Published: 25th September 2020
How Shilpa Mudbi is reviving the folk music of the Jogathis using the power of a good live stream
Shilpa Mudbi Kothakota who has been performing the folk music of Jogathis across Karnataka speaks about her initiative, Urban Folk Project and what she plans to do in Kalaburgi for the community
When we talk about culture and traditions of India, folk music and dance plays an important role. Shilpa Mudbi Kothakota, whose brainchild is the Urban Folk Project, is keeping these almost forgotten art forms alive for a whole other generation using the power of social media.
Shilpa, who was recently appointed as the member of Janapada Academy, not just practices the folk music of Jogathis in North Karnataka, but breathes it every day. In fact, the Urban Folk Project was launched in 2017 to study the jogathis and the forms of music attached to their culture. Narrating the story of their deity Yallamma or Renuka Devi through her performances, Shilpa is connecting the world with the jogathi community who are otherwise not given much air time.
We speak to Shilpa to trace her journey and what she plans to do having shifted from a metro city like Bengaluru to a small town, Kalaburgi. Excerpts:
Telling stories through Kannada folk songs | Picture Credit: Adithya Kothakota
Can you tell us when the Urban Folk Project started and the idea behind it?
The Urban Folk Project is not a very old one. Three years ago, when I was working with a French Tamil theatre company, there was a play that required me to device a deity who would take in all the victims of war. I devised the character of Yellamma using Yellammanaata, whom I had seen in plays when I was a child, as a reference. My husband and I travelled to Savadatti in Belagavi to clear the confusions, whether they were political, artistic or geographical. While we kept going to different places on holidays, the thought of moving out of Bengaluru came only when we started going deeper to understand the lives of Jogathis. Since my father comes from Mudbi in Bidar district, I felt that I have to settle in this region. A lot of folk songs that people have seen me live streaming on Facebook were taught by my parents and grandmother.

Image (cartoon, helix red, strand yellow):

Coming back to Urban Folk Project, it started when we did our first production in 2017. While the actual play or Yellammanaata is for 10 hours, we produced only one chapter which ran for about 20 minutes. In this show, we used the idea of crossdressing to focus more on inclusivity, gender equality and how actors' bodies change with the crossdressing. Our idea is to facilitate the community and the future generation with this art and make them feel proud of themselves. Yellammanaata is mostly perceived or thought to be done by beggars or women who are devadasis or abandoned by their families. That's why I launched the Urban Folk Project.
Mainstreaming the folk art is all that Shilpa intends to do | Picture Credit: Adithya Kothakota
What are the different music instruments you have learnt to play during the performance?
We have learnt playing the choudki and tuntuni so far but we are also in the process of playing the jhanj and the daf. The jhanj and daf are used when we sing Geegi padha. There are different instruments that the jogathi use when they perform different forms of songs. Usually, choudki is used when they sing choudki padha. Choudki is a rhythmic musical instrument with a single string tied to an open drum. Jhanj is another percussion instrument used for proper taala and it is mostly used in pairs. There are many more forms of folk music when it comes to Yellamanatta but Choudki and Geegi are the two forms that I have been interested in and am currently learning.